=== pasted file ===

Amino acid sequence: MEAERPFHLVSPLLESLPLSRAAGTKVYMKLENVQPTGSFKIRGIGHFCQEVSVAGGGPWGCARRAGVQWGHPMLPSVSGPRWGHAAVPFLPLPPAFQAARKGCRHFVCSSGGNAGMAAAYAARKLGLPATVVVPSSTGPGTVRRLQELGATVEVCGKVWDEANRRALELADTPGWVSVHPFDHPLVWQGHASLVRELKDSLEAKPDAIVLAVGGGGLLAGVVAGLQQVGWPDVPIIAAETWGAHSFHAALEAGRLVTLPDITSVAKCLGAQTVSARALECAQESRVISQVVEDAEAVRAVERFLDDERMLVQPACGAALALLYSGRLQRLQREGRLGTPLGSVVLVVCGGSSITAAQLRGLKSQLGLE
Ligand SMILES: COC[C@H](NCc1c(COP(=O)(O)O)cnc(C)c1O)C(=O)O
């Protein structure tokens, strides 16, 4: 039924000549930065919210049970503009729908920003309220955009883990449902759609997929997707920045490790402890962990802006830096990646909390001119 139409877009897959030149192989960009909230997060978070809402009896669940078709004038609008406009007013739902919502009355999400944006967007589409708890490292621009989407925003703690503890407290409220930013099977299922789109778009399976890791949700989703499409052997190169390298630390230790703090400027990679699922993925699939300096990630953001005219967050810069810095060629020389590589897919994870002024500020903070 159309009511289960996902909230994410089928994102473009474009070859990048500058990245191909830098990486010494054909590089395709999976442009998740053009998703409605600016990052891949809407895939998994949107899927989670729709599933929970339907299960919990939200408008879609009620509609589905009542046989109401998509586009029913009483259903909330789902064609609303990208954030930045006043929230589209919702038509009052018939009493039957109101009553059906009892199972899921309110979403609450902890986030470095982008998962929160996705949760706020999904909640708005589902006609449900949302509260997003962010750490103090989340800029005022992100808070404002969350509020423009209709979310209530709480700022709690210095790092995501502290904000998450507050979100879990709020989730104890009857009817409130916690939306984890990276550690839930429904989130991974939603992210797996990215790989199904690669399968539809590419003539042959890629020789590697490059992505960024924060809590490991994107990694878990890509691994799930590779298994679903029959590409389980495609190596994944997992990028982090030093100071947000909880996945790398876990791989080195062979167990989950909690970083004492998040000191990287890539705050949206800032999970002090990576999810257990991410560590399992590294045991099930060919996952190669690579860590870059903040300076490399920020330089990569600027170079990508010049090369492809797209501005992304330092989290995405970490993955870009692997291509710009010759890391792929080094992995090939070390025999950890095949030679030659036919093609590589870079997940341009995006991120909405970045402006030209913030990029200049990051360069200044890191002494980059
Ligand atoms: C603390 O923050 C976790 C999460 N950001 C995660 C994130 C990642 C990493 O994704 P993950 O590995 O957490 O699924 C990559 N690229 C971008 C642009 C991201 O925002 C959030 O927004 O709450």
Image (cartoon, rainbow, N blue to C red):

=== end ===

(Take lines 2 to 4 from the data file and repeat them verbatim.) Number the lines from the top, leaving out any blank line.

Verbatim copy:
Ligand SMILES: COC[C@H](NCc1c(COP(=O)(O)O)cnc(C)c1O)C(=O)O
């Protein structure tokens, strides 16, 4: 039924000549930065919210049970503009729908920003309220955009883990449902759609997929997707920045490790402890962990802006830096990646909390001119 139409877009897959030149192989960009909230997060978070809402009896669940078709004038609008406009007013739902919502009355999400944006967007589409708890490292621009989407925003703690503890407290409220930013099977299922789109778009399976890791949700989703499409052997190169390298630390230790703090400027990679699922993925699939300096990630953001005219967050810069810095060629020389590589897919994870002024500020903070 159309009511289960996902909230994410089928994102473009474009070859990048500058990245191909830098990486010494054909590089395709999976442009998740053009998703409605600016990052891949809407895939998994949107899927989670729709599933929970339907299960919990939200408008879609009620509609589905009542046989109401998509586009029913009483259903909330789902064609609303990208954030930045006043929230589209919702038509009052018939009493039957109101009553059906009892199972899921309110979403609450902890986030470095982008998962929160996705949760706020999904909640708005589902006609449900949302509260997003962010750490103090989340800029005022992100808070404002969350509020423009209709979310209530709480700022709690210095790092995501502290904000998450507050979100879990709020989730104890009857009817409130916690939306984890990276550690839930429904989130991974939603992210797996990215790989199904690669399968539809590419003539042959890629020789590697490059992505960024924060809590490991994107990694878990890509691994799930590779298994679903029959590409389980495609190596994944997992990028982090030093100071947000909880996945790398876990791989080195062979167990989950909690970083004492998040000191990287890539705050949206800032999970002090990576999810257990991410560590399992590294045991099930060919996952190669690579860590870059903040300076490399920020330089990569600027170079990508010049090369492809797209501005992304330092989290995405970490993955870009692997291509710009010759890391792929080094992995090939070390025999950890095949030679030659036919093609590589870079997940341009995006991120909405970045402006030209913030990029200049990051360069200044890191002494980059
Ligand atoms: C603390 O923050 C976790 C999460 N950001 C995660 C994130 C990642 C990493 O994704 P993950 O590995 O957490 O699924 C990559 N690229 C971008 C642009 C991201 O925002 C959030 O927004 O709450």